Joined: Aug 2007
Posts: 7,706
Orange County, CA
One word: metronome.

All of my "brilliant" students are instructed to use the metronome, heavily. I don't have a problem asking them play the entire piece through with the metronome, eliminating all the tempo changes. We use the metronome during lessons. I demonstrate how to play slowly with the metronome.


Private Piano Teacher and MTAC Member
Re: Brilliant but Stubborn [Re: Angela62213] #2412842
04/22/15 01:29 PM
04/22/15 01:29 PM
Joined: Nov 2007
Posts: 6,530
UK
Nikolas Offline
6000 Post Club Member
Nikolas  Offline
6000 Post Club Member

Joined: Nov 2007
Posts: 6,530
UK
I can testify to what AZN says on many accounts!

And now with smart phones you can get a free metronome wherever you are! :P

Re: Brilliant but Stubborn [Re: AZNpiano] #2412889
04/22/15 04:03 PM
04/22/15 04:03 PM
Joined: Mar 2006
Posts: 7,639
Olympia, Washington, USA
John v.d.Brook Offline
7000 Post Club Member
John v.d.Brook  Offline
7000 Post Club Member

Joined: Mar 2006
Posts: 7,639
Olympia, Washington, USA
Originally Posted by AZNpiano
One word: metronome.

All of my "brilliant" students are instructed to use the metronome, heavily. I don't have a problem asking them play the entire piece through with the metronome, eliminating all the tempo changes. We use the metronome during lessons. I demonstrate how to play slowly with the metronome.

Yes, it works great in the studio, but how do you get students to use one at home? In this, I've had very limited success.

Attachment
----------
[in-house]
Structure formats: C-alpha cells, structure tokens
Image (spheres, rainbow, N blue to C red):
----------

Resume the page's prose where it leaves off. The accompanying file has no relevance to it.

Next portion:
"Those who dare to teach must never cease to learn." -- Richard Henry Dann
Full-time Private Piano Teacher offering Piano Lessons in Olympia, WA. www.mypianoteacher.com
Certified by the American College of Musicians; member NGPT, MTNA, WSMTA, OMTA
Re: Brilliant but Stubborn [Re: John v.d.Brook] #2413313
04/23/15 11:32 PM
04/23/15 11:32 PM
Joined: Nov 2011
Posts: 35
J
jc111 Offline
Full Member
jc111  Offline
Full Member
J

Joined: Nov 2011
Posts: 35
Metronome + voice recording apps work great with my 10-year-old, electronic-device-obsessed boy. thumb

He got assigned Allegro in F major by Haydn weeks ago. The first week he played it FAST because it said "Allegro" crazy . Then his teacher asked him to practice with metronome and wrote down the speed he should practice with. I let him use a small tablet with a metronome app and later he started to record his practicing with the metronome beat. Of course he experiments with various speeds laugh . He had great fun practicing and got much better the next lesson wink . This week he starts to wean off using metronome and it sounds pretty even to me.


Originally Posted by John v.d.Brook
Originally Posted by AZNpiano
One word: metronome.

All of my "brilliant" students are instructed to use the metronome, heavily. I don't have a problem asking them play the entire piece through with the metronome, eliminating all the tempo changes. We use the metronome during lessons. I demonstrate how to play slowly with the metronome.

Yes, it works great in the studio, but how do you get students to use one at home? In this, I've had very limited success.